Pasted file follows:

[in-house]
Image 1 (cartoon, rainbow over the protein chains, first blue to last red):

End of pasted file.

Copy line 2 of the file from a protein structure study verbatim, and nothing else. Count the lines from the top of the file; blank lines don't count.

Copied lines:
Image 1 (cartoon, rainbow over the protein chains, first blue to last red):